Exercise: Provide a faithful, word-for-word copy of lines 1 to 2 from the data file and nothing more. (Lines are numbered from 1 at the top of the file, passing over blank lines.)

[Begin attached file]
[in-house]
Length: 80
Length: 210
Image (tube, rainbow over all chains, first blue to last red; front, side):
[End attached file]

[in-house]
Length: 80